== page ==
There is something epic about naming another human being, fictional or real. A name is more than a unique sound coming from the mouth; it holds power. We want a main character’s name to be easy for readers to pronounce yet memorable. We want the name to set him or her apart from other characters in the written world. We want the name to encourage readers to deeply connect in the that-fictional-person-is-my-real-life-closest-friend sort of way. It’s much easier to cross off the names we don’t like.
- Nope, I went to school with that one…not a nice kid!
- Nope, they just used that name in a hit movie…too cliché!
- Yes! What a pretty name!…Nope, it means “anguish and untimely death.”
It’s difficult enough naming one human baby or even a pet. So, to narrow down options for storytelling, we often look to myths, outside cultures, and even plants to find memorable names.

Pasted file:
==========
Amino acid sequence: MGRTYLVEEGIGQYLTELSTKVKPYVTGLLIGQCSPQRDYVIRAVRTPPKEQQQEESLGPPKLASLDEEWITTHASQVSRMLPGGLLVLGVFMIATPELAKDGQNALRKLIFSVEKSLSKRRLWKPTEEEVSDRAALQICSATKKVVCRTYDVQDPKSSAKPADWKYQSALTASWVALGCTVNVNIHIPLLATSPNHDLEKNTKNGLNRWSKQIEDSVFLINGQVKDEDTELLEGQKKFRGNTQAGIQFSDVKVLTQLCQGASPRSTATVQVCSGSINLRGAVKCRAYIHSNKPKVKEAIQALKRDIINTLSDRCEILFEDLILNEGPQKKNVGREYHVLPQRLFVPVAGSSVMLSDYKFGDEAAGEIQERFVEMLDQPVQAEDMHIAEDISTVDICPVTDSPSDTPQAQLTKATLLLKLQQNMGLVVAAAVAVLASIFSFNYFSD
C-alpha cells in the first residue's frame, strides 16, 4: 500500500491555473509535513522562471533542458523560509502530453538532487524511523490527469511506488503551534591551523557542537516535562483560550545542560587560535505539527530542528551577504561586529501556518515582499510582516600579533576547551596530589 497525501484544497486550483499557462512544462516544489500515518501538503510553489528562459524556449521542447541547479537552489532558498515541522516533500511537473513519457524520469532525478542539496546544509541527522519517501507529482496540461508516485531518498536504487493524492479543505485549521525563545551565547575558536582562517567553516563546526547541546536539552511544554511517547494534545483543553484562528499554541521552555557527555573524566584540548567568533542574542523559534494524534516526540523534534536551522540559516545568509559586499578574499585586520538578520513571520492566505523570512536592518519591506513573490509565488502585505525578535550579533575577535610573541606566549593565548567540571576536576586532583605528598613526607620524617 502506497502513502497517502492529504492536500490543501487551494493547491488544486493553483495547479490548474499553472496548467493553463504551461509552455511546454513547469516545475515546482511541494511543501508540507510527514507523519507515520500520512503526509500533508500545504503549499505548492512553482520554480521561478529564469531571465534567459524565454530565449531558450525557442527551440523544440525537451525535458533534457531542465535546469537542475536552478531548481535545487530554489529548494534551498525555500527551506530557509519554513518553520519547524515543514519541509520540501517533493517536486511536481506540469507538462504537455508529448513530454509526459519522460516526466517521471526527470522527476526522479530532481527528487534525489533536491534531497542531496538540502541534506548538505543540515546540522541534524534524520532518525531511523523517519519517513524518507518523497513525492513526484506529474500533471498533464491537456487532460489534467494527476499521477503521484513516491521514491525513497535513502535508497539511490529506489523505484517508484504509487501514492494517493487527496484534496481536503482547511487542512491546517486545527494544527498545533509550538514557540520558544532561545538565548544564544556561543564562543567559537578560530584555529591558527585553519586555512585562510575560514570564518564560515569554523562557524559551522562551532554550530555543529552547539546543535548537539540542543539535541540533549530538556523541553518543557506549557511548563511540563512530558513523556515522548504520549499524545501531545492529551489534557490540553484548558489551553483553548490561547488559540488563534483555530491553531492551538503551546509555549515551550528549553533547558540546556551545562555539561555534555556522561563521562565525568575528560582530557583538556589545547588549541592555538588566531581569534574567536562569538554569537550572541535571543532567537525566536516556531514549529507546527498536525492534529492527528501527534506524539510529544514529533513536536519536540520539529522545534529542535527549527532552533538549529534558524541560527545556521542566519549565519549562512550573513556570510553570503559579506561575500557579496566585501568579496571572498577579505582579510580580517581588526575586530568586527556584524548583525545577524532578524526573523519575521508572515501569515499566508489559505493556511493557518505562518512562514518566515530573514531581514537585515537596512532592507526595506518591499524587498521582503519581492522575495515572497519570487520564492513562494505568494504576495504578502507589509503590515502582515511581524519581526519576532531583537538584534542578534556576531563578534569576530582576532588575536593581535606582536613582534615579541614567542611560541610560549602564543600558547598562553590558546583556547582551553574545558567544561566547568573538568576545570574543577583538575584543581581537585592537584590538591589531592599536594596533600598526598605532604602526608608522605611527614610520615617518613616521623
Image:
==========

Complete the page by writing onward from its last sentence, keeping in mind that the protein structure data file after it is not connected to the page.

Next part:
When my husband and I first started writing The Hunter, the Bear, and the Seventh Sister in the World of Arcas series, we were growing a strong interest in astronomy. The characters in our world naturally arrived one-by-one from the night sky onto the computer screen. We had a character theme to go with the basic plot, but we still needed to research, a lot. We looked up nebulas, deep sky objects, and even frozen lakes on one of Saturn’s moons.
Some names were too familiar, so we chose to use less known star names. The constellation Orion represents the The Hunter in our story. But those who are close to him call him Rigel, which is the brightest star in Orion. Instead of using the dragon constellation Draco, we chose the star name Eltanin—also a sturdy sounding dragon name but not as famous or overused as Draco. Buckpasser, Hambletonian, Niatross, Whistlejacket, I think fate is leading us to be inspired by horse racing names next!